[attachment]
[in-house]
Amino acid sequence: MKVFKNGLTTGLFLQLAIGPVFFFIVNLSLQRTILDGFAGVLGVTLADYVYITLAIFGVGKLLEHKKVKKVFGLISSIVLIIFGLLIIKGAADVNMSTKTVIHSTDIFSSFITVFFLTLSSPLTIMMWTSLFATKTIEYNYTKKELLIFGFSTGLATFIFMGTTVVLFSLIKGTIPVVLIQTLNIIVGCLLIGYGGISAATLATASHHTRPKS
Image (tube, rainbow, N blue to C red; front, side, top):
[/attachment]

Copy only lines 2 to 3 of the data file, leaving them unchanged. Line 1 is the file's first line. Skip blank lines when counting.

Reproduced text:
Amino acid sequence: MKVFKNGLTTGLFLQLAIGPVFFFIVNLSLQRTILDGFAGVLGVTLADYVYITLAIFGVGKLLEHKKVKKVFGLISSIVLIIFGLLIIKGAADVNMSTKTVIHSTDIFSSFITVFFLTLSSPLTIMMWTSLFATKTIEYNYTKKELLIFGFSTGLATFIFMGTTVVLFSLIKGTIPVVLIQTLNIIVGCLLIGYGGISAATLATASHHTRPKS
Image (tube, rainbow, N blue to C red; front, side, top):